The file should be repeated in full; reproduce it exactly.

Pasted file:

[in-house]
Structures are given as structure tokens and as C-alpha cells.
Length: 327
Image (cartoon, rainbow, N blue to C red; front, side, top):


[in-house]
Structures are given as structure tokens and as C-alpha cells.
Length: 327
Image (cartoon, rainbow, N blue to C red; front, side, top):